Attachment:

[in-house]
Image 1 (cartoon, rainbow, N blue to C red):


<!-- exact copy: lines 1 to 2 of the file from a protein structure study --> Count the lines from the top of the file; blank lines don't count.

[in-house]
Image 1 (cartoon, rainbow, N blue to C red):